While this may be statistically significant, it’s still a tiny difference – a matter of about 3 points on this scale between men and women, and women and STEM workers who, on average, also tend to have a similar 2-3 point higher AQ score than the female mean. To put this in perspective, this is a 50 point scale, and the nonclinical range of AQ is consistently in the teens to twenties while those diagnosed with autistic spectrum disorder have a mean around 35. It is also hard to conclude the differences between women’s score and STEM isn’t due to intrinsic or cultural factors – again, the best of all possible worlds fallacy, and it is no evidence to believe that 2-3 points difference in the mean score explains 2-4 fold gaps in hiring of men vs women. Draw a line at about 21 and ballpark an SD, of +/- 8 points, are there 2-4x as many men under the curve right there? Of course not. There’s too much meat under that curve to justify more than a couple of points difference in outcomes, assuming the effect is highly meaningful or beneficial. Alternatively, you could make an argument from the tails, that you could conceive of the extremes of the population such as AQ > 40 having approximately 2x as many men with this trait. One would have to believe that the population at google is so far shifted to the right in terms of male braininess, that the majority of the population at google has a mean AQ beyond 40, basically suggesting they all would score higher than the mean for those with autism spectrum disorder.
At the same time that Damore is critical of reducing populations to their means when there is significant overlap, to believe his argument – that tech is segregated by gender because not enough women have the “male mind” described by Baron-Cohen – requires one to believe that the status-quo ratio represents the ideal workforce, that these tiny differences in gender behavior are so debilitating as to explain the 2-4x difference in hiring, and that nothing beneficial is brought to the table by “empathic” team members. This makes no sense, these differences are slight. The area under the curve doesn’t support that these tiny differences – even if they were intensely meaningful, could generate such large differences in hiring. The areas where the variance between the populations becomes larger than the female population size is far above typical scores for ASD. Is the contention that the neurotypical can’t code?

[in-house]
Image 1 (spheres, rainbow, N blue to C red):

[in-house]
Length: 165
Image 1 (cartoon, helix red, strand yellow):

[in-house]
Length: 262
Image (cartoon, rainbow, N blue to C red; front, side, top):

Barely worth mentioning, he alludes to negative female personality traits by including a link to this wikipedia article on Neuroticism. This is a similarly weak argument. Again the effect is meaningless in size, if you go to the primary literature it’s consistent but small. There is no evidence such an mild difference in gender behaviors with regards to neuroticism would result in such a dramatic difference in hiring or performance, nor is it explained why neuroticism would be less adaptive in engineering vs other fields.
Finally he cites this opinion piece dismissing wage gaps between genders from a Libertarian online magazine, ignored without comment.
Does anyone maybe feel already the evidence here is a bit…light? You’re going to tell an entire gender they can’t do engineering based on a 3 psychology papers showing small and likely irrelevant differences in gendered behavior, a couple of wikipedia pages, and a libertarian opinion piece about how the wage gap is imaginary? You are surprised when women read this and they’re pissed? Do those saying this is “science” like David Brooks want to maybe rethink their expertise on this topic? Because they’re not looking too competent right now. This is classic pseudoscience – a weak, cherry-picked literature is flogged to support extreme ideological nonsense.
Next Damore asks why might men be more suited for software engineering? Well he’s got a whole paragraph and three more “sciencey” citations to justify that:
Men’s higher drive for status
We always ask why we don’t see women in top leadership positions, but we never ask why we
see so many men in these jobs. These positions often require long, stressful hours that may not
be worth it if you want a balanced and fulfilling life.
Status is the primary metric that men are judged on4, pushing many men into these higher
paying, less satisfying jobs for the status that they entail. Note, the same forces that lead men